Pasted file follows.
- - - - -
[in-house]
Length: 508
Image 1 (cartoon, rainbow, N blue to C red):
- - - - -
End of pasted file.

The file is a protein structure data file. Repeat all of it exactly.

[in-house]
Length: 508
Image 1 (cartoon, rainbow, N blue to C red):